Libya has been in a state of flux since 2011. Based on the area, Libya is the second biggest country in North Africa. It has a population of 6.8 million as of May 2020. Its population is set to grow by 9% and will reach 7.4 million in the coming decade.
Libya has the largest oil reserves in Africa. Therefore, oil and gas account for most of the country’s income. The government has tried to end its heavy dependence on oil by diversifying the economy by focusing on industrial and agricultural sectors. The country had a GDP of $50 billion or slightly over $5,000 per capita in 2019.
Power and Water
The government has taken initiatives to diversify its energy mix. Libya aims to generate at least 20% of its electricity from renewable energy by 2030. To achieve this, it needs to invest in infrastructure and technology. Looking at the growing population, we expect the country will need an additional 25 megawatts of electricity generating capacity by 2030.
The civil war in the country has damaged the water network and millions in Libya are finding it difficult to access water for their daily needs. Rival groups have also used water as a means for negotiating their demands from time to time. The country needs significant planning and investment to improve overall access to clean water. We estimate an additional 45 million cubic meters of potable water per annum would be required by 2030 to eliminate the looming water crisis.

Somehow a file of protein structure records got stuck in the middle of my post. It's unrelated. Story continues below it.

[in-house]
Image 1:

If a peace agreement can be reached, we anticipate a rebuild of the retail sector. We predict an additional 70,000 square meters of retail space will be required within the coming decade if the economy stabilizes and population grows.
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|Population in 2020||6.8 million|
|Population by 2030||7.4 million|
|Population growth from 2020 to 2030||9 %|
|GDP 2019||$ 50 bn|
|Electricity Capacity required by 2030||25 MW|
|Additional Potable Water required per annum by 2030||45 million m3|
|Additional retail by 2030||70,000 m2|
|New Hospitals required by 2030||4|